After Lynette’s son died in a drive-by shooting, the emotional impact caused severe depression. Lynette doesn’t care to recall the time; it’s a painful, traumatic memory that never truly healed. But it was because of Juliann that Lynette kept pushing on ever since that tragedy. Juliann encouraged Lynette to live life to the fullest, even if a piece of her heart was missing. So, Lynette fights to keep on living, day in and day out. Some days are harder than others, but with Juliann by her side, Lynette manages to find some peace in her life again.

Lynette’s frustration around the healthcare system.

While Lynette is indeed happy to have Juliann as her caregiver, she’s not satisfied with the overall healthcare system. From Lynette’s, the healthcare system is not built for everyday people. And from what she’s seen, only a privileged few are able to get the most out of the system.

“Unless you’re rich, it doesn’t work for you the way it should. I’m just lucky to have Juliann. She helps me navigate all that mess. I often feel overlooked by hospitals in general. The system is designed to work in favor of those who can afford the best treatments and doctors, not necessarily those who need things the most.”

Lynette also takes issue with the way that caregivers are treated by the system. Lynette feels caregivers should be paid at least livable wages for the valued work that they do each day on the job.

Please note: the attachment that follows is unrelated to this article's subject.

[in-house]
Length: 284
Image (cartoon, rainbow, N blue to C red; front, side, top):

“Juliann works too hard to be getting treated the way that she does. I know she deserves more, and it’s often frustrating to know that she’s barely making ends meet each month, something needs to give.”

Lynette’s solutions to an industry in crisis.

Lynette doesn’t consider herself particularly political, but she feels like the right legislation would help to improve the system and make it one that actually serves the people it is meant to. Policymakers at all levels of government need to start doing right before the care crisis becomes more out of control than it currently is. Lynette wants to see more politicians involved in helping to fix the current care system and address community needs, beyond just fixing the occasional pothole. But she also wants more civic engagement from people in general.

For Lynette, she knows that being active in the community is needed for drastic changes to happen. It’s the reason why she stands with the Juliann’s union.

“I dislike how uninvolved people can be about politics, especially since politics usually affects almost every aspect of a person’s life to some degree or another; ranging from how much one pays in taxes to how they are represented within local and national legislative bodies.”

That’s why Lynette is so proud of Juliann’s involvement with SEIU Local 2015. Lynette says that the Union is intensely political and constantly lobbying for improvements on a statewide level and hopes to see changes all across the state. She supports the Our Care Counts (AB 1672) campaign in California right now, which will allow caregivers like Juliann to use their collective power to bring improvements to home care.



SEIU Local 2015

The largest long term care workers union in the U.S. We represent over 370K home care & nursing home workers in CA. www.seiu2015.org